I wouldn't plan on doing lots of backpacking or hiking with the Aeronaut - it just isn't really made for that. But if you are "doing the OJ" through the airport, the waist and chest straps will definitely keep the bag stable on your back.

    I'm 5'8" tall. I don't feel like the Aeronaut is unwieldy at all. For the record, I was once an Airborne Ranger for dear old Uncle Sam. As such, I'm very particular about the way my gear fits, behaves, etc. The Aeronaut is fantastic for the business travel that I do.

  7. #7
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    Jul 2010
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    5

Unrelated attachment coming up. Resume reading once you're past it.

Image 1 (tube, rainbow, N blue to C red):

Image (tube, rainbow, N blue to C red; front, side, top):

Surly-

    Thanks for the info. I have no intentions hiking/camping with the thing...I would take my REI Lookout 40 for short trips, and borrow one of my brother's more substantial bags for anything longer than that.

    "Doing the OJ" is really my only concern, that term is also hilarious. I will always stuff some kind of day bag in it when I travel anyhow, and just stash it at hotels.

    That sounds like a fun trip...we came very close to going to SAfrica this year for the WC, but passed on tickets due to inflated prices making the trip to pricey for us.

    That sounds like a glowing endorsement coming from a Ranger. I actually just pulled the trigger on a used Aeronaut on ebay, that came with the strap everyone loves and 4 packing cubes (http://cgi.ebay.com/ws/eBayISAPI.dll...torefresh=true). I'll let you guys know what I think when I get it in.

    -Kyle

  8. #8